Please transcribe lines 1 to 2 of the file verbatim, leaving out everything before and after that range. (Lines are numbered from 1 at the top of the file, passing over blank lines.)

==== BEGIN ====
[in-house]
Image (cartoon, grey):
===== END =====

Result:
[in-house]
Image (cartoon, grey):